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A View from Brittany Sauser

NASA Rocket Aims for Asteroids and Mars

The agency starts development of a rocket for human travel beyond Earth’s orbit.

  • September 14, 2011

Today NASA unveiled the design of a new rocket to help the agency meet a challenge from President Obama: send astronauts to an asteroid by 2025 and to Mars by the mid-2030s. Called the Space Launch System (SLS), the new heavy-lift launch vehicle will cost $18 billion, with its first test flight planned for 2017. It will be designed to carry the Orion Multi-Purpose Crew Vehicle for transport of crew and cargo.

Artist concept of NASA’s new rocket, called the Space Launch System. Credit: NASA

The much anticipated announcement comes on the heels of the July retirement of the space shuttles, and is part of a plan laid out by the White House–the NASA Authorization Act of 2010–developed after Congress canceled a moon program, called Constellation, for the agency to focus on a vehicle to take astronauts to places like the moon and Mars while commercial companies focus on a rocket to transport crew to low Earth orbit.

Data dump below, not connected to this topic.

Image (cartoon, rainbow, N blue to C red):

The new rocket will include technology from the Space Shuttles and the Constellation program, which was building two rockets, Ares I and Ares V, and it will share a resemblance to the Saturn V, the first rocket to travel to the moon. “But it is difficult to compare rockets from one generation to the other” because of constant upgrades in technology and manufacturing techniques, said William Gerstenmaier, associate administrator for NASA’s Human Exploration and Operations Mission Directorate, at today’s press conference in Washington.

The SLS will use a liquid hydrogen and liquid oxygen propulsion system, which will allow NASA to reduce costs and leverage experience and existing technology, said NASA administrator Charles Bolden. The rocket will use five solid rocket boosters attached on either side of its core for the initial development flights, but NASA will hold a competition to replace these side-strapped boosters for more advanced designs. Gerstenmaier estimated the SLS thrust to be between 10 percent and 20 percent greater than that of the Saturn V.

Credit: NASA

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